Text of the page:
Pennsylvania residents shouldn't bear cost of propping up nuclear industry
What we have in the current environment are mature industries that are big businesses that want government to intervene to artificially protect their market share.
Add a new name to the list of groups coming hat-in-hand looking for financial help from Harrisburg: the nuclear power industry.
No bills have been introduced yet, but the industry seems intent on asking for tax breaks or tax credits in Pennsylvania, along the lines of the hundreds of millions of dollars in subsidies recently granted in New York state and Illinois.
A leader in the movement is Exelon Corp., which operates three of Pennsylvania's five nuclear plants. In other states, the industry sought and won "zero-emission credits" arguing, that much like wind and solar power, nuclear plants produce clean, carbon-free energy.
Recently, a group of state legislators – many with nuclear plants in their districts – formed a Nuclear Energy Caucus to promote the industry's cause in Harrisburg.
In New York, the industry got the Legislature to approve a zero-emission credit worth $500 million a year – to be paid by ratepayers, though the new law is being challenged in court.
Much like coal, nuclear power has a problem: It is losing out to competition with natural gas, which is plentiful and cheaper.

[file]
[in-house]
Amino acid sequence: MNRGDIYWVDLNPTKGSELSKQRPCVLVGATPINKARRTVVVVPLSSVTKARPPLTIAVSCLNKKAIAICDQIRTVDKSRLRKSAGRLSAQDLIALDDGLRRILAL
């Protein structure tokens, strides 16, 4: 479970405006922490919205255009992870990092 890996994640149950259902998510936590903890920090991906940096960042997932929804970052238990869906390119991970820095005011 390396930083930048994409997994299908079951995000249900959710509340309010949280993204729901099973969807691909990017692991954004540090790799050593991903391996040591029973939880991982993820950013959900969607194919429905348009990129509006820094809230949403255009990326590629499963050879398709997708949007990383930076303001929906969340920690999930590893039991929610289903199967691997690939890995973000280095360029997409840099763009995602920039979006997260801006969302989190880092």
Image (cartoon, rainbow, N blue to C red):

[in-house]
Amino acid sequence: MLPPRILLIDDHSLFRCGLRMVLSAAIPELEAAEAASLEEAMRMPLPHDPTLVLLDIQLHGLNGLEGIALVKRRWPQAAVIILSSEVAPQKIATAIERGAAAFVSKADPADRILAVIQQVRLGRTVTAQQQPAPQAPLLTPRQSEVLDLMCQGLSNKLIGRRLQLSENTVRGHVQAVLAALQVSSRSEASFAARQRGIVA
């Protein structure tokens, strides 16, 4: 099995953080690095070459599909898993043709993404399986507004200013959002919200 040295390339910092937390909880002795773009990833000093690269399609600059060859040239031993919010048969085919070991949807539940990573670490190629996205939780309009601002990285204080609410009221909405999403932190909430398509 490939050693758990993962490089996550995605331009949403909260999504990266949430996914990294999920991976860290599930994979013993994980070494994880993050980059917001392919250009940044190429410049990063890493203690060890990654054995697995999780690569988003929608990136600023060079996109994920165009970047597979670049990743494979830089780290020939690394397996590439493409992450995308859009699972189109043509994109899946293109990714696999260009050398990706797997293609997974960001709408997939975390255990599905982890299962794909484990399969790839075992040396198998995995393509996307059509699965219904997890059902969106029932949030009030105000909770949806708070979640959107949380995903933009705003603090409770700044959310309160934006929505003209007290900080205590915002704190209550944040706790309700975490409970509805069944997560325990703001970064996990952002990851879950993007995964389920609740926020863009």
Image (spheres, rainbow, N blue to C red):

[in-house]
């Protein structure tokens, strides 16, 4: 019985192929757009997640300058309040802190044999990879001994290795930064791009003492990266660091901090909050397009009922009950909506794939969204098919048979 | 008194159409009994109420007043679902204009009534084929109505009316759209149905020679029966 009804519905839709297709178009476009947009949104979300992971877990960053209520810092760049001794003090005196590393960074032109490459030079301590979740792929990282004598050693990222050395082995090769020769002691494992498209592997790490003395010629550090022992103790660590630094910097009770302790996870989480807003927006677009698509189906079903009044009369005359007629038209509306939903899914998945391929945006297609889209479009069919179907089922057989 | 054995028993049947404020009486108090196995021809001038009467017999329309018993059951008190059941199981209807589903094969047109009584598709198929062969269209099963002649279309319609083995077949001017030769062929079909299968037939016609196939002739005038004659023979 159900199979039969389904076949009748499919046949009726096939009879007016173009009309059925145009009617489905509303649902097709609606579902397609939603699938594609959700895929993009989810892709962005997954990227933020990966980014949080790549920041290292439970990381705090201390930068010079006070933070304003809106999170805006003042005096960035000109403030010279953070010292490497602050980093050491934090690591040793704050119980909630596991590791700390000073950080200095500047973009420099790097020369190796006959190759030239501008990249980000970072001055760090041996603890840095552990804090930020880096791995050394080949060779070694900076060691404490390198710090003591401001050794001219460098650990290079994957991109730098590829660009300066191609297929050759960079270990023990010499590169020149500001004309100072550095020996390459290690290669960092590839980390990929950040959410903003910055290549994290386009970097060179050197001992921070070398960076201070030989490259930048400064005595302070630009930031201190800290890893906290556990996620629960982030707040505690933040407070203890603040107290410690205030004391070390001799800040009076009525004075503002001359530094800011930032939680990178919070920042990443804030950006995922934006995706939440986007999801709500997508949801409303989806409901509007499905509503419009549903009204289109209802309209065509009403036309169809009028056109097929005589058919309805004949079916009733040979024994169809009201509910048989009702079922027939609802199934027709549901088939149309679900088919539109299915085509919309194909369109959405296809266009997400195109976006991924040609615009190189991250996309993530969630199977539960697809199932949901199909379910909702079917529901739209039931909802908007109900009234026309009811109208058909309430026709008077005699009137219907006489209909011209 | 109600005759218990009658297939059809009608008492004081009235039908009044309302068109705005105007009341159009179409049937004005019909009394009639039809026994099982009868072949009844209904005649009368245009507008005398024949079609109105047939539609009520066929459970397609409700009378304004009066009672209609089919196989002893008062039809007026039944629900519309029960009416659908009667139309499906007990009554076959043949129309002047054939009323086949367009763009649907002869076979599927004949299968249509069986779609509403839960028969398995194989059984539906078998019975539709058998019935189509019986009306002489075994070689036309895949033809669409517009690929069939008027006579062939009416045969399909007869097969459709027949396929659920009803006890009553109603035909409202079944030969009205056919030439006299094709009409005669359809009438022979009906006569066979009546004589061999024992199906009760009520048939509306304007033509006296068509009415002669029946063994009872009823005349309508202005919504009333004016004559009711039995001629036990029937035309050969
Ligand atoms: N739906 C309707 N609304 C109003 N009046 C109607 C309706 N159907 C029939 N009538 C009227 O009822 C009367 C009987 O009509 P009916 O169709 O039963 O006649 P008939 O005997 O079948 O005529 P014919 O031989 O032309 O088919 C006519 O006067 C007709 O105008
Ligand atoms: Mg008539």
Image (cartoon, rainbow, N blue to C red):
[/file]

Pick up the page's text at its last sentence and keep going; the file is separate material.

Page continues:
We don't believe taxpayers should be asked to subsidize industries that can't compete in the open market.
We realize that subsidies are part of the political landscape, especially in the energy sector. The government has given subsidies and grants to encourage growth of new industries – wind and solar got such subsidies in their early days. But the theory behind those breaks was that once those industries reached a larger scale, they could fend for themselves.
What's different now is that we have mature industries that are big businesses – and we include coal on this list – that want government to intervene to artificially protect their market share. Even with actions taken by the Trump administration to help the coal industry, most economists believe use of coal will continue to decline because it remains both "dirty" and expensive.
Is the situation in the nuclear industry different? No one is predicting a sudden or even long-term demand for nuclear power in this country. Utilities aren't building new plants, in the same way they are not building new coal-fired plants. Demand for electricity generally has been flat since the Great Recession.
That means that subsidies given today could end up becoming permanent price supports – for the industry's bottom line.
We also dispute that nuclear is a clean fuel. It certainly does not emit carbon, and that is a great strength. But accidents can have devastating long-term effects, especially if there are widespread nuclear emissions, as happened in Fukushima, Japan, in 2011 and Chernobyl, Russia, in 1986.
Another problem is nuclear waste. Even if a plant shuts down, the waste must be stored on-site – another potential risk to the environment.
Ironically, if any Pennsylvania nuclear plant will be shut down within the next few years, it is likely to be the one at Three Mile Island.
The 1979 accident at TMI resulted in a partial meltdown that rendered one of the reactors permanently inoperable. Now the forces of change and the rise of natural gas may make the other reactor expendable, an antique from another era no longer needed today. We can't afford to collect antiques.